Some 15 species of Halocypridacea have been analysed to date (A.M. in prep.); unfortunately,

the results have been somewhat unsatisfactory possibly due to the inadequacy of the material. Some

modifications to the methods of culturing and fixing specimens of this particular group have already

been introduced. The results, which will be published in due course, might throw some light onto

the status of Halocypridacea within the Myodocopida and its comparison with the Podocopida.

Potential implication of future studies in the cytotaxonomy of Ostracoda

As explained above, Tetart in his work on freshwater podocopids suggested that evolution of

the karyotype in ostracods involves a reduction in the number of chromosomes with centromere

in a distal position which fuse to form chromosomes with the centromere in a median position or

metacentric. These Robertsonian fusions are found to be one of the processes by which a reduction in the number of chromosomes occurs in closely related species in the animal kingdom.

The evolution of the karyotype of many species has been studied using chromosome banding

techniques. One of the most important applications of chromosome banding is the unequivocal identification of the chromosomes in a karyotype, especially when these are of very similar size and

shape, as well as small parts of the chromosomes which may have undergone rearrangements. In

many cases the karyotypes of related species are remarkably similar. As a direct result of chromosome banding, karyotype changes have been shown to arise by several mechanisms such as Robertsonian fusion. Protocols for banding involve the pre-treatment of the chromosomes in such a way

as to cause their structure to collapse. During subsequent staining certain regions of the chromosome reconstitute to produce darkly staining bands.

With a view to testing Tetart’s ideas on the evolution of ostracod karyotypes, three different

chromosome banding procedures were tried on the species of Myodocopina studied herein. These

were, C-banding after barium hydroxide; Acetic acid-Saline-Giemsa (ASG) banding and Rbanding by high temperature treatment, as described by Macgregor and Varley (1983).

To the authors’ knowledge, these techniques have not been previously applied to Ostracoda.

Chromosome banding was first developed for mammalian species, and although the results on

Myodocopina are so far somewhat disappointing, the potential is very promising. These not very

satisfactory results are due mainly to the overlapping of the large chromosomesand a certain inadequacy of the techniques. Modification of these protocols is expected to produce better results in the


Conventional taxonomic studies on Ostracoda are based on the analysis of a wide spectrum of

characters of both carapace and appendages. Similarly, cytotaxonomy covers all aspects of taxonomy’at the cellular level. Cytotaxonomic studies deal not only with the number of chromosomes,

but also with their morphology and behaviour. Cytochemical information is now also being used.

The study of genetic variability by means of gel electrophoresis provides the opportunity for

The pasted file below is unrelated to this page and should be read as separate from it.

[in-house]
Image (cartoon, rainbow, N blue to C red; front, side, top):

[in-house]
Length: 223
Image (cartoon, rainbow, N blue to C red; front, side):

understanding the interrelations between genetics and ecology.

The study of evolution at the DNA level entails the study of DNA gain and loss as well as of

nucleotide changes. Hinegardner (1976) suggests that “animals and plants that are considered to

represent primitive or ancient and relatively slowly evolving lineages often have more or much

more DNA than the average of their particular taxon”.

The authors are convinced of the potential importance of cytotaxonomic studies in Ostracoda.



The analysis of the karyotypes of all major groups is projected and in the near future it is also

intended to begin a study of DNA amounts and gel electrophoresis of enzymes.

The overall results obtained to date are encouraging enough to consider the cytogeneticalcharacteristics of the Ostracoda as a useful tool in the understanding of their evolution.


A. Moguilevsky expresses her grateful thanks to the British Micropalaeontological Society

whose grant in aid made it possible to participate in the RRS Discovery Cruise 148 to the N.E.

Atlantic. Dr. Howard Roe, Principal Scientist, is thanked for his kindness and consideration during the cruise. Dr. Martin Angel is gratefully acknowledged for his constant encouragement and

help, and in particular, for the identification of halocyprid species. Dr. Celia Ellis also kindly

afforded considerable help in this respect during the cruise. The authors have relied very heavily

on both the generosity and expertise of Dr. Neil Jones, of the Dept. of Agricultural Botany, U.C.W.,

Aberystwyth; we thank him for his constant assistance and encouragement. Mrs. Marian Mayes is

thanked for typing the manuscript.


ANGEL, M.V.1981. Ostracoda. I n BOLTOVSKOY, D. (ed.). Atlas del Zooplancton del Atlfntico Sudoccidental, 543-585.

HINEQARDNER, R. 1976. Evolution of genome size. I n AYALA, F. (ed.). Molecular Evolution, Chapter 11: 179-199.

Sinauer Ass., Sunderland, Massachusetts.

MACGREGOR, H.C.and VARLEY, J.M.1983. Working with animalchromosomes.250 pp. John Wiley and Sons, New York.

MOGUILEVSKY, A. 1985. Cytogenetic studies on marme ostracods: the karyotype of Gigantocyprismuelleri Skogsberg,

1920 (Ostracoda, Myodocopida). J. micropalaeontol. 4(2), 159-1 64.

-and GOODAY, A.J.1977. Some observations on the vertical distributionand stomach content of Gigantocypris